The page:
The Optimal Employer-Sponsored Insurance Wellness Program Premium Discount Rate: Achieving the Equilibrium between Participant Enrollment and Non-Participant Insurance Drop-Out
Guarascio, Kaitlin Leigh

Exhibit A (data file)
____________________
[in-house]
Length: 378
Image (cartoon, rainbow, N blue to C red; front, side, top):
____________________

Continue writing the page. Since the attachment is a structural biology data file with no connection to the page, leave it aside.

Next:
The Optimal Employer-Sponsored Insurance Wellness Program Premium Discount Rate: Achieving the Equilibrium between Participant Enrollment and Non-Participant Insurance Drop-OutKaitlin Guarascio, B.S.Thesis Advisor: William Encinosa, Ph.DABSTRACTPremium discounts have recently been used by employers to encourage employees to join wellness programs. However, a concern is that, to fund the wellness program, premiums may rise too high for those who do not join the wellness program. Thus, premium discounts have recently been a focus of health care reform. In this thesis, I estimate the cost-offsets of those who do not join a wellness program and the cost-savings of those who do. Balancing cost-offsets and cost-savings, I find that the optimal premium discount can range from 0% to 25% to 40% as the wellness program cost savings per enrollee range from $0 to $100 to $150. Moreover, at a 20% premium discount the net cost savings to society range from -$114 million to $762 million when wellness program per capita cost savings range from $0 to $150 (for 10 million people). At a premium discount rate of 50%, this variation is skewed to higher losses, with net cost savings now ranging from -$497 million to $758 million as wellness program per capita cost savings range from $0 to $150. Thus, implementing a wellness program can be risky if the wellness program cost savings are not well known upfront.
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